A day or so ago, someone shared a blog post called "Summer Vacations and the Divorced Family" with me, and I found the piece very moving. Written by Donna Ferber, a psychotherapist whose practice specializes in life transitions such as divorce, the post recounts a very personal narrative from "Julie," a recently divorced mom whose two sons went on summer vacation with their father and his new girlfriend.
As I watched my children wait at the window for their father to arrive, I couldn’t believe the flood of feelings I experienced. Their father is taking them to New York with his girlfriend. Her parents own a large summer house in the Adirondacks. She has six brother and sisters, all married with children. They are all coming this week for a family reunion. As an only child raised in a large city, I never had this kind of experience. I am excited for my children that they can have all these new people in their lives. They will get the experience of a large family. I find myself wishing that I could give them such an experience. I wonder if they will love this new family more than they love me. Of course, I know this is not the case. But sometimes, I feel so insecure.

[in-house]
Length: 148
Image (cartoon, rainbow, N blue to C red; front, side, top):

That first post-divorce summer vacation -- and every one thereafter, really -- can be an emotional minefield for the unwary custodial parent, accustomed to spending every day with the kids. Suddenly turning them loose to embark on a life experience that the custodial parent will not be sharing can trigger many conflicting emotions, as Julie's story demonstrates.
I'm certainly not a therapist, but it seems to me that working through these emotions requires a three-step process:
Your new post-divorce life will have a lot of firsts, and some of them will be good ones, while some will trigger some difficult feelings. Have faith in yourself that you can cope and emerge an even stronger, better role model for your children.
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